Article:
Drug addictions ruin health, destroy families, and cause serious legal repercussions. This is especially true when it comes to opiates, which are highly addictive even after short-term use. Understanding the nature of addiction is crucial, both for family members as well as the person with the drug problem. The Mayo Clinic explains how opiate addiction works and what risk factors are involved. 

While anyone can get addicted to opiates, there are certain risk factors that make it more likely. The longer you take a drug, the more likely it is you’ll become addicted. This is a real issue for people with chronic pain, who are often given prescriptions to control discomfort over an extended period of time. There are many other factors that play a role in whether you’ll misuse opiates. People who are currently unemployed are more likely to have issues, as are those with a long history of substance abuse. People with anxiety or depression, those who engage risky behaviors, and people who are under a great deal of stress are also more likely to develop addictions. 

Taking opioids for more than a few days causes changes in the way your brain works. Endorphins, which are feel-good chemicals within your body, stop being produced as the drug is used more and more. This causes a tolerance to develop, which means the user must take more of the drug to get a euphoric response. While quitting is ultimately in the person’s best interest, doing so you can be hard or even dangerous. Some people will experience severe withdrawal effects, which is why it’s suggested you receive professional medical assistance when getting off opiates.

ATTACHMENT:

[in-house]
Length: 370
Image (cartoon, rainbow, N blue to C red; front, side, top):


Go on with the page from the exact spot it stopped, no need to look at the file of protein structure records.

Lastly, there are things you can do to prevent addiction from happening in the first place. If you’re given a prescription after an injury or surgery, make sure you take the medication according to your doctor’s orders. If you suffer from chronic pain, look for other methods of pain relief that don’t involve opioids. If you have leftover medication, dispose of it properly. This will keep loved ones, especially teens and young adults, from abusing it.